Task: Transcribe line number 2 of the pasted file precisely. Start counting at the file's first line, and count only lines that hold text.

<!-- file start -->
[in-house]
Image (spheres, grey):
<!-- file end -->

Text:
Image (spheres, grey):